Tuesday, April 10, 2012

Pacific Fantasy and Reality

As many of you know, this has been a long-term dream of ours to get to the South Pacific. It started when we lived and sailed in Oregon. And like most dreams – it has a mythical quality. We are certainly seeing reality now!

The dream (and we understand actual experience of many) is of a peaceful (thus the name Pacific) ocean. Long gentle swells and a steady trade wind to give you those perfect sailing conditions. Yes, it's a long ocean-crossing passage – but it is supposed to be the sailing that we dream about. We imagined just such a passage. We fantasized about all the projects we'd get done in 30 days of wonderful sailing. Books read. Articles and screenplays written, The new dinghy cover finished and other sewing projects. Cruising guides studied for our new islands. Computers cleaned out. Even stainless steel all polished up bright. New recipes tested. Oh, the plans we had.

It is now 16 days into the voyage and we have yet to experience that idyllic sailing day. The projects mount and these aren't the fun projects. The boat is tossed around so it is near impossible to accomplish much. Writing on this log page is the only writing getting done and even that, with some difficulty. The stainless continues to rust not shine. The dinghy is still cover-less. A few books are getting read – but you hold on with one hand and hold the book with the other. We're eating well – but it isn't easy getting a meal together because when you open a cupboard – everything comes flying out!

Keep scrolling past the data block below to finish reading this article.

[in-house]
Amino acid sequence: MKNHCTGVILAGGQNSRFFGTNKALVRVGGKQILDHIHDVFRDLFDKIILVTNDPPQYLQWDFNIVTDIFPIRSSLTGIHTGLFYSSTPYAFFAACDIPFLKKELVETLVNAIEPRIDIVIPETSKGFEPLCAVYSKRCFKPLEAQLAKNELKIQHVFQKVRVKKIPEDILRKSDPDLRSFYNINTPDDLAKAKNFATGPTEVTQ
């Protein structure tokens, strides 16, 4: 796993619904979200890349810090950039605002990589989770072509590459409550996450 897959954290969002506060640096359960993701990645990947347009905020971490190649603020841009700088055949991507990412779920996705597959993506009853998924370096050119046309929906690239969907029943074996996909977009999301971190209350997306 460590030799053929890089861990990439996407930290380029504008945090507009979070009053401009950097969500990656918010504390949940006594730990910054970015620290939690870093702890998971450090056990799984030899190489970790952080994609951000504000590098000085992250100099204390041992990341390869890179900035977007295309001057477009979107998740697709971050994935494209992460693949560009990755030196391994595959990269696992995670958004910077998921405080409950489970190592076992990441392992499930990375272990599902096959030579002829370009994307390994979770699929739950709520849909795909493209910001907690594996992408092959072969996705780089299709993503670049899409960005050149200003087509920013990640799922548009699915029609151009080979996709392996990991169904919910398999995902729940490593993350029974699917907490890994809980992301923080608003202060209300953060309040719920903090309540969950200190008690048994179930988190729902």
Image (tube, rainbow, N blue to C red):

Perhaps we read too many of those magazines and books about the perfect passage. But many of our cruising friends have had good passages as well. Is it a test of our skills, our fortitude, our patience??? Is it El Nino, La Nina, the ITCZ or Global Warming? Is it simply pure chance that the time we chose to make the journey, it wasn't the best weather window.

An ocean passage was on the bucket list. Now, we wonder why.

Day 16 – 1760 miles to go. We've at least started to make 100 miles in a day – but just barely and we still have some miles to make up from those first five days of drifting backwards in the current. We need some good wind, some sunshine and some miles under the keel.

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